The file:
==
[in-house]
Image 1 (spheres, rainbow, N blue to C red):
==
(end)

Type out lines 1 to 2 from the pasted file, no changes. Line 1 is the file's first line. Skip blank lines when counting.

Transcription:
[in-house]
Image 1 (spheres, rainbow, N blue to C red):